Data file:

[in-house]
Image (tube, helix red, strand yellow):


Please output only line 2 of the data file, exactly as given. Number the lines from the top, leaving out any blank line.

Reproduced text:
Image (tube, helix red, strand yellow):